The Trump administration is reportedly considering imposing regular performance reviews on federal health officials in the waning days of President Trump’s term in office.
The move, which would certainly rankle some of he president’s most prominent critics regarding his pandemic response, was first reported by Politico, based on the word of three anonymous senior health officials within the administration.
According to the news outlet, the regulation could be implemented within days by the Department of Health and Human Services and would enact mandatory job reviews every five years for government scientists who serve as directors of the U.S. Food and Drug Administration, the Centers for Disease Control and Prevention, and various other health agencies.
The news outlet added that the mandatory reviews could lead to “renewal — or reassignment.”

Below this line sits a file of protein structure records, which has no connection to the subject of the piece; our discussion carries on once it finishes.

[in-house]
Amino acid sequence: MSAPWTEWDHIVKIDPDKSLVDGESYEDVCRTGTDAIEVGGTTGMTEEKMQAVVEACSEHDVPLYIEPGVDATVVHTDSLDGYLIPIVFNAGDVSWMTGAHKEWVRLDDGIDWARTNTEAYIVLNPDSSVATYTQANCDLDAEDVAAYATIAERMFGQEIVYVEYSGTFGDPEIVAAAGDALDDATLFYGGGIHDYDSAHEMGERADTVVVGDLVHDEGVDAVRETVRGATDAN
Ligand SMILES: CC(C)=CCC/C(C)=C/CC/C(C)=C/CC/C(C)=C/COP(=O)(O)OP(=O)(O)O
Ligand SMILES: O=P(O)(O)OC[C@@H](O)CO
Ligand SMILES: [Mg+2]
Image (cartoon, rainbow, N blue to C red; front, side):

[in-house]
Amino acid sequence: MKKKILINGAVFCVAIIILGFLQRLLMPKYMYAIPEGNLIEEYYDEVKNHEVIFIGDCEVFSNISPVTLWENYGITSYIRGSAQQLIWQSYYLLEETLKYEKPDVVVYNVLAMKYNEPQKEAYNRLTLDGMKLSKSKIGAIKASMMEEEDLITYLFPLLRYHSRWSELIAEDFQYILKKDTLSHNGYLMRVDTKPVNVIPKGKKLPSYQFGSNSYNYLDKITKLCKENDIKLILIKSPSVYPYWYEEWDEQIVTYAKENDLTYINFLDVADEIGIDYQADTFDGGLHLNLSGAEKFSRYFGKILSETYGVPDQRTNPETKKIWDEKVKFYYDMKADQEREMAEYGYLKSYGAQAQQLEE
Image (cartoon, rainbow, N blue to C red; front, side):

Critics reportedly slammed the move, arguing it would unnecessarily infuse politics into federal health agencies.
“It’s been a step-by-step escalation in retaliation by HHS against career scientists throughout the pandemic,” they said. “It’s a clear abuse of power by [HHS Secretary Alex Azar].”
But proponents within the administration shot back, telling Politico it’s just good government policy.
“This is intended to be a good governance action,” the senior administration official said. “Congress did this through the 21st Century Cures Act with [National Institutes of Health]. I think NIH was largely supportive because it would increase diversity or opportunity for certain positions at the agency.”
It’s worth noting that perhaps the president’s most prominent adversary within public health ranks — Dr. Anthony Fauci of the National Institute for Allergy and Infectious Disease — is already subject to such reviews. In 2016, Congress passed legislation enacting five-year mandatory reviews for center directors at the NIH, of which the NIAID is a part.
“Most Americans have performance reviews every year, Congress faces election every two years, and presidents every four, requesting performance reviews of agency leaders twice a decade is common sense management,” HHS chief of staff Brian Harrison said in a statement.